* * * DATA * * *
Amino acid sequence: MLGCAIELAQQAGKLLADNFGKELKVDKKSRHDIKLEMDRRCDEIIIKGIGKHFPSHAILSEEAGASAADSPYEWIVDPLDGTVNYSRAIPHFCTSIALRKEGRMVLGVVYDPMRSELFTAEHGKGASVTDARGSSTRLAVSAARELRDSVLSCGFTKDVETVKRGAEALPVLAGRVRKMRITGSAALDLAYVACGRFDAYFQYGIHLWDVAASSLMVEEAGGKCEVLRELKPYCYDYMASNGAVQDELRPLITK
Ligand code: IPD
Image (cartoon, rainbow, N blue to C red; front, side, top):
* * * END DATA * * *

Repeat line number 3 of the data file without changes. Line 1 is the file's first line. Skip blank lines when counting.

Image (cartoon, rainbow, N blue to C red; front, side, top):